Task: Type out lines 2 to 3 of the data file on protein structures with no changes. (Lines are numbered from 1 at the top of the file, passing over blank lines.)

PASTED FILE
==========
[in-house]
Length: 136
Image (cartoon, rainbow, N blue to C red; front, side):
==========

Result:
Length: 136
Image (cartoon, rainbow, N blue to C red; front, side):